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Thread: Hypothetical Treatment - Nerve Rerouting + Detethering

  1. #1

    Hypothetical Treatment - Nerve Rerouting + Detethering

    I experienced L1 burst fracture, thoracolumbar SCI, ASIA A, complete paraplegia, neurogenic pain, bladder and bowel complication. I pay interest to nerve rerouting. I try to create a hypothetical treatment.

    First, detether my nerve root. This will then treat my neurogenic pain.

    Second, connect lumbar-level L5 ventral nerve root to the sacral-level S3 (or S2) ventral nerve root. This will restore my sexual function and bladder bowel control (i think no sensation recovery)(Dr Xiao CG). I am not sure how and whether this will restore bowel function. If i scratch dermatome to trigger pissing, do i defecate (leak) at the same time?

    Third, reroute intercostal nerves to pudendal nerves. Besides to restore my bladder and bowel control, it may restore my B/B sensation as well (Dr Zhang ShaoCheng). This may also trigger voluntary control of B/B. This may perfect or enhance the ventral nerve rerouting done before
    .

    Fourth,
    the peroneal nerve (a nerve to the leg) is used as a bridge directly from the spinal cord above the injury site to the nerves of the gluteus and quadriceps muscles (DrGiorgio Brunell).

    or

    reroute ulnar
    nerves to paralysis-affected femoral and ilioinguinal nerves, restoring some ambulation and pelvic-area sensation, and to obturator nerves to restore some leg-muscle function (Dr Zhang ShaoCheng).

    or

    transfer intercostal neves to the vertebral canal through a submuscle tunnel and sutured with the selected fascicula of lumbar nerve roots (L 1/2 or L 3/4) by epiperineurial neurorrhaphy in the subdura or extradura (Dr Zhang ShaoCheng). However, this part of treatment may be avoided to reduce amount of intercostal nerve loss (there have been some intercostal nerve loss before for restoring bladder and bowel functions)


    I said 'hypothetical' because i don't know whether the above is feasible. There are few issues.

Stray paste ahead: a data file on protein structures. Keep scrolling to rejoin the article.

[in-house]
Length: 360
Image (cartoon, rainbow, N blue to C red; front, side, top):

First, the cost. It involves treatment of two or more drs. I contacted Dr Zhang and Dr Xiao before; they quoted to me their charges. But i never contacted
    Dr Giorgio Brunelli; i don't his charge. I may not be able to afford all the total cost.

    Sec, no of operations. I have to do many operations. Very scary!!

    Third, the side effects. I don't know exactly how much/the extent of the impact of the treatment on the functions of the other parts of body. I have pneumonia. If i have difficulty coughing up phlegm following the treatment, that is troublesome.

    I have no problems with my arms and breathing, so i don't have to do treatment for this.

    It seems that, after i do the treatment, i may ideally stand, walk, urinate, defecate. My pain on my limbs will be ideally solved. My sexual functions will be ideally restored.

    Is my proposal of hypothetical treatment feasible? Your comments?


  2. #2
    I would recommend contacting Neurosurgeon Dr. Justin Brown at UCSD.

  3. #3
    Senior Member lynnifer's Avatar
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    Opinions differ but Xaio was a scam. Doesn't work. Try Ampyra? B/B/S is something many people are after ... no treatments since paralytic started surviving (WWII). Sorry.
    Roses are red. Tacos are enjoyable. Don't blame immigrants, because you're unemployable.

    T-11 Flaccid Paraplegic due to TM July 1985 @ age 12

  4. #4
    Bitpo,

    I know that you have been seeking answers to your question for some time and I have not had time to write a comprehensive answer to your questions. So. Let me try to present some critical evaluations of your proposed therapeutic approaches.

    1. Untethering the spinal roots may be useful. However, everything presupposes that the spinal roots are tethered, i.e. have significant scarring. This may or may not be true. Neither MRI or CT scans can show whether such scarring exists and how bad it is. Everything depends on what the neurosurgeon discovers when he or she exposed the roots and gets a good look at them.

    2. More evidence is required before one can or should assume that rerouting lumbar spinal root to the S2 spinal root will improve bladder function for people who have damage to their sacral spinal cord. A spastic bladder may be a pre-requisite for such L2-S2 re-routing to work. Nobody expects the re-routed axons to be able to do everything to get a bladder to contract while relaxing the two sphincters (one in the case of women) that allows the urine to come out. It is likely that the extra axons that come from the L2 root may be providing some extra excitability that the system requires to initiate a full micturition response.